WiCell donates $1 million of equipment to UW-Madison labs to support stem cell research and scientists on campus


Four advanced pieces of scientific laboratory equipment with a total value of approximately $1 million now are available for use by University of Wisconsin-Madison stem cell and other researchers at several campus departments and centers due to a donation by the private non-profit WiCell™ Research Institute. WiCell made the gifts as part of its ongoing efforts to support stem cell research on campus and the work of the 70 members of the university’s Stem Cell and Regenerative Medicine Center (SCRMC).

The donated equipment, campus recipients and contacts for use are as follows:
  • an Agilent 1100 High Performance Liquid Chromatography System (HPLC) donated to the core facility of the Waisman Center, Graduate School (Jim Malter);
  • a Thermo Scientific Electron Mass Spectrometer LTQ-Orbitrap gifted to the Department of Chemistry, College of Letters and Science (Josh Coon);
  • a Baker EdgeGard EG-6252 Clean Air Bench donated to the Synchrotron Radiation Center, Graduate School (Bruce Neumann); and
  • an Eksigent Nano LC-2D System gifted to the Department of Physiology, School of Medicine and Public Health ([email protected]).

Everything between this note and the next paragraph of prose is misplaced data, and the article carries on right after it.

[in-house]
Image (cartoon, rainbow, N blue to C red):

“The primary mission of WiCell is to support stem cell science and researchers here on campus at UW-Madison,” states Erik Forsberg, executive director of the research institute. “We hope these gifts supplement scarce university and state funding to expand access to state-of-the-art equipment for researchers across campus, and in particular members of the SCRMC.”

The SCRMC was founded in 2007 as a virtual umbrella center for stem cell researchers across campus and is under the joint direction of the School of Medicine and Public Health and the Graduate School.

The WiCell Research Institute, founded in 1999 as an affiliate of the Wisconsin Alumni Research Foundation (WARF), is dedicated to expanding the frontiers of science and medicine by unlocking the potential of stem cells. As a private, nonprofit organization, WiCell supports research at UW-Madison, conducts research, hosts the National Stem Cell Bank and the WISC Bank, provides training for scientists, and offers educational outreach programs for K-12 students and the community. To date, WiCell has provided free human embryonic stem cell licenses to more than 575 researchers in 32 countries and 42 states, and since 2002 WiCell has trained more than 600 individuals from UW-Madison and around the world in stem cell technologies.